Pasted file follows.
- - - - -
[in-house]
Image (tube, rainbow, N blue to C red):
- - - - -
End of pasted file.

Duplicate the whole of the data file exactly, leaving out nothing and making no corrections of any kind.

[in-house]
Image (tube, rainbow, N blue to C red):